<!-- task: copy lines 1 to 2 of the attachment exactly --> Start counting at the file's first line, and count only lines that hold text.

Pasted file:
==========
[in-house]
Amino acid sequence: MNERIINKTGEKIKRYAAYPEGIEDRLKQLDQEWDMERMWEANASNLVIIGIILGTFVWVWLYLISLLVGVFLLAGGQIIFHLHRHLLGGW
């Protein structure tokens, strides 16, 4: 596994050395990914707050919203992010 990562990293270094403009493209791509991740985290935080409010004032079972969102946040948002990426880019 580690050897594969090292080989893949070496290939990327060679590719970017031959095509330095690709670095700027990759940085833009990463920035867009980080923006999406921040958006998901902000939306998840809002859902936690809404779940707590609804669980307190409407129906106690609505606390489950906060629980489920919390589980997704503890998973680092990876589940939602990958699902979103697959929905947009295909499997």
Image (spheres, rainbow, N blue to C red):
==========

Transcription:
[in-house]
Amino acid sequence: MNERIINKTGEKIKRYAAYPEGIEDRLKQLDQEWDMERMWEANASNLVIIGIILGTFVWVWLYLISLLVGVFLLAGGQIIFHLHRHLLGGW